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Michelle Obama Joins D.C. Students for Their March to Mail College Applications

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    Alexis Margolin



On December 5th, 2014, First Lady Michelle Obama visited with high school seniors at Capital City Public Charter School in Washington, D.C., and cheered them on as they made their College March, dropping college applications in the mail amidst cheering friends, family, peers, and members of the community. Read the full Washington Post article covering the momentous event.

The seniors at Capital City Public Charter School experienced the usual wave of relief and anticipation after mailing off college applications Friday, as well as an added surprise: a hug from Michelle Obama. 

The first lady came to their school in Northwest Washington to take part in what has become an annual tradition at some schools across the country — the College March.

Before she arrived, the seniors paraded through the hallways with college applications in hand while underclassmen cheered them along. At most schools, the march culminates at a nearby mailbox or post office. On Friday, the seniors at Capital City dropped their applications in a mailbox set up on a stage in the gymnasium, where Obama greeted them.

“Seniors, we are so incredibly proud of you,” she told the Class of 2015. “I know that it took a lot to get to this day, and there’s still more to do.”

To the younger students in the room, she said: “This is where you want to be. . . . These seniors stuck with it.”

First lady Michelle Obama hugs a Capital City Public Charter School student after speaking at the school in Washington, Friday, Dec. 5, 2014, during the second annual College Application March, part of her “Reach Higher” initiative. Obama was promoting her “Reach Higher” initiative to encourage more students to go to college and earn a degree.

The president has set a goal for the United States to regain its position as a world leader in its share of college graduates by 2020. The White House hosted a summit this week to promote new efforts underway to make college more accessible and affordable, through better counseling, more seamless transitions and other reforms.

On Friday, Obama used her life story to encourage students at the high-poverty-level school to commit to higher education. She said she grew up like many of them, with parents who did not make a lot of money and living in a neighborhood where few adults had college degrees. Her path to success? “I worked my — heart out,” she said to laughter. “Some other things, too.”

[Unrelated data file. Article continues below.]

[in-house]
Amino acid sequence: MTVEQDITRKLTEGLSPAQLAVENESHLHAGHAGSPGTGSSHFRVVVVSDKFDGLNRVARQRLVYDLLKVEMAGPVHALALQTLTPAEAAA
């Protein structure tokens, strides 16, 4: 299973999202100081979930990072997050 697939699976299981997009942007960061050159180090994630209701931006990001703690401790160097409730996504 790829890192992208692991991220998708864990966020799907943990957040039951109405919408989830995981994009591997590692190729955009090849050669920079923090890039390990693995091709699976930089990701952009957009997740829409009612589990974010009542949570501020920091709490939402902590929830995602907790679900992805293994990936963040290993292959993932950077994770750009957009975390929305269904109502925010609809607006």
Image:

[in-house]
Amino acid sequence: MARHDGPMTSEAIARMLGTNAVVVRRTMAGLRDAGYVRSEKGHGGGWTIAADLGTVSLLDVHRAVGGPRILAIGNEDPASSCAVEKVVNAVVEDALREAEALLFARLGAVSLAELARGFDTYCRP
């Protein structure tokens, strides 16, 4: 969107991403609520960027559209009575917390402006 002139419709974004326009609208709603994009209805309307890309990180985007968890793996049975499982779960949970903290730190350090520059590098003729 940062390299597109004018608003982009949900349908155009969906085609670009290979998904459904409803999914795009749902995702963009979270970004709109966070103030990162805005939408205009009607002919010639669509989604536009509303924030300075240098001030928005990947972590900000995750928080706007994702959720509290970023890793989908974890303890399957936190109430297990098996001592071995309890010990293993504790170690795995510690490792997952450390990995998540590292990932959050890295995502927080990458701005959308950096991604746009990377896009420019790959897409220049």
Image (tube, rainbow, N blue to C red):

Friday marked the first lady’s second trip to the charter school. She and the president visited in 2009 to tour the high-performing school and read a book to a second-grade class.

Capital City was founded in 2000 for preschool through eighth grade and opened a high school in 2008. The school now serves 975 students in pre- kindergarten through 12th grade.

Capital City has an “expeditionary learning” approach, which emphasizes project-based education and character development. Seniors must complete an in-depth research project culminating in a paper and a presentation before they can graduate.

Obama told the students that she was returning to the school because of its strong record in college attainment.

Since its first class graduated in 2012, 100 percent of seniors have been accepted to college, according to school officials.

This year, each of the 75 seniors has submitted at least one college application, and nearly half of the students have already been admitted to at least one school, officials said.

“Here at Capital City, every student is college material,” Obama said. “This should be the reality and the model for every school in this country.”

Obama said college has become necessary in today’s economy, but she urged students not to think of it as a burden.

“Higher education is your ticket to a good job, but it’s also one of the most fun, exciting and challenging experiences you will ever have in your life,” she said.